How I Thrive & How It Consumes Me

I love food. I enjoy being in the kitchen. I enjoy meal planning and coming up with how food fits together for me to feel whole. I would spend most of my day in the kitchen looking through the cupboards if I could – even if they’re mostly bare. Funny enough, I don’t make the best meals or exclaim that I’m a great cook. What inspires me is using what I have…and sometimes (a lot of times) it’s just a so-so meal. BUT I take pleasure in knowing that I’m not wasting food, that I’m being resourceful, and that I am being creative in using what I have to nourish myself.

During this pandemic I primarily relied on my significant other to prepare meals. One, he’s an amazing cook and I prefer his meals over any prepared or delivery options. Two, I was scared that my cooking wouldn’t be good enough. I’ve spent the majority of my adult life cooking for one, I know that I’m not a great cook, and I don’t really have the mental space to dedicate to high quality techniques. It just doesn’t inspire me…but I love to eat it.

So we started doing one of the meal delivery services in order to have meals on hand with easy preparation and less decision making. That definitely didn’t inspire me. When there are a ton of ingredients and timed cooking, I get stressed. When a recipe says it’ll take 30 minutes, it takes me an hour. I just continuously feel inept at providing. Experience doesn’t help. The only thing that would help me feel better in these circumstances was learning new knife techniques or shortcuts. The specific directions just stress me out. I don’t like eating the same thing all the time, so I was always in need of referencing directions. When the stove is on I get nervous that I’m going to burn the pan, burn the food, burn the house down – so I feel frantic and rushed. I don’t enjoy it.

Fast forward, I’m on my own again. Again. I don’t have someone cooking amazing meals for me. I know that I rummage cupboards. I know that I feel better when I have fresh foods on hand, otherwise all I eat is carbs. I love carbs. So I received my first box this week of one of the grocery services that operate off of reducing food waste. No recipes. Food that would have been discarded. Right up my alley. I’m meal planning to cook larger portions on my days off so that I can have left-overs on my busy days. I’m cooking items that can be easily combined with others so that I don’t get bored with what I’m eating. I’m inspired again. Again.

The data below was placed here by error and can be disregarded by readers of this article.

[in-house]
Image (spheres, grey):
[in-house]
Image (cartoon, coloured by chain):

So how does this consume me? I find that my biggest roadblock is in romantic relationships. I didn’t have the best roadmap to a healthy relationship growing up, so I’m having to piece things together as to what a healthy intimate relationship looks like. My therapist references that my nurturing personality attracts those that need nurturing, or that I’m looking to fix people. Personally, I don’t have the energy to fix someone. I have random strangers approach me because “I look like that type of person.” A stranger has literally said that to me. I do, however, like the idea of having a partner where we can support each other with our insecurities. Isn’t that what we all want? Someone that we can pour our hearts out to with all of our imperfections, and that they still want to be there to hold our hand and love us?

Am I rummaging in the cupboards for my partner? I don’t want a ready-made person that is so perfect that my insecurities kick in. I like rough edges, and someone that I can be truly lazy with without feeling like I have to have makeup on all of the time. I like having elements that fit together without a preconceived plan of who my ideal partner is. Is that where I’m falling victim? I don’t have that plan of who I am searching for. I only have elements, and I’m not quite sure how they fit together. I’m also reluctant to want to make that plan. I enjoy having room for improvisation, for imperfection, for forgiveness of self (yours and mine). What I do want is someone that knows how to be on their own. Someone that is comfortable with themselves so that we can come together as a team to support each other in our separate but unified journeys.

I guess that’s the key that’s been missing. A lot of times people can appear to be comfortable and secure with themselves on the outside, but as you peel back the layers you realize that they aren’t so they won’t allow you to get close enough to allow themselves to lean on you. It’s okay to lean on me. I won’t bite, I promise. But if you’re an amazing cook, I will definitely eat your meals. Just know that my cooking won’t be nearly as good, but it makes me happy to rummage.

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